Ram Goes High, Goes Low, with Two SEMA 1500 Concepts
Net difference from Rebel to LowDown is four inches in height
The 2019 Ram Rebel 1500 concept making its debut at the Specialty Equipment Marketing Association's (SEMA) big show in Las Vegas gets a two-inch hike in ride height, while the 2019 Ram LowDown 1500 is lowered by two inches. The two pickup trucks are a combination of off-the shelf Mopar bits, and one- or two-off custom parts that could make it into production, like the power bulge hood with a cold-air intake, on both pickup trucks.
Ram dressed a 1500 Longhorn, the model's most popular trim level, with a two-tone black-over-billet silver tuxedo-style paint job, signature Mopar "brass monkey" wheels and suspension lowered by two inches to create the LowDown. The Mopar body color fender flares have body color-painted exposed fasteners, a Mopar bed cover over a spray-in bedliner, five-inch exhaust tips painted glossy black, Mopar sill plates, and billet aluminum pedals.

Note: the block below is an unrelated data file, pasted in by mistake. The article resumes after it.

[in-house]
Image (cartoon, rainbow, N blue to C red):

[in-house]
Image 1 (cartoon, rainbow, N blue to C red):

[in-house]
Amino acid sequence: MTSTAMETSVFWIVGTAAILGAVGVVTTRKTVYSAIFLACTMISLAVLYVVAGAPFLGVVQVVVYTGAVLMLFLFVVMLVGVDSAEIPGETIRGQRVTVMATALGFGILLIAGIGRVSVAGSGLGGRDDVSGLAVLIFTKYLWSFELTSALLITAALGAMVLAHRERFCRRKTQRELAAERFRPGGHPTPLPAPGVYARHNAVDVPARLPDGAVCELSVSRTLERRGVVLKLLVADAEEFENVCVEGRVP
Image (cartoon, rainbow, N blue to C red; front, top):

Under the power bulge hood, the cold air intake atop the engine, which already is a Mopar part, has been redesigned for straight-shot airflow, for better efficiency, says Joe Dehner, Ram's exterior design chief and chief of Mopar design.
Ram gave the Rebel, a trim option already in production, the same power bulge hood, though with different graphics, and raised the truck by two inches to better represent its off-road creds.
"It's the 1980s all over again," Dehner says of the Ram Bar, not yet in production, added behind the cab. The off-road light cluster atop the bar is available through Mopar. In typical off-road style, the 35-inch (outer diameter) spare tire is mounted in the bed. The sill plate and cast-aluminum running boards also are Mopar production accessories. The bead-lock wheels feature both a "beauty" ring and a functional ring.
"SEMA is the show for Mopar," says Steve Beahm, parts & service chief, and head of Fiat Chrysler's passenger car brands in North America. While the volume of concepts from major automakers seems to be smaller in Las Vegas this year, he cites a $1 billion market in customization parts.
"We just want a piece of that pie," Beahm says.